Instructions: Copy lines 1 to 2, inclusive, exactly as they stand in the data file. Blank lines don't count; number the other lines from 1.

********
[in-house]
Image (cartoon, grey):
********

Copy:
[in-house]
Image (cartoon, grey):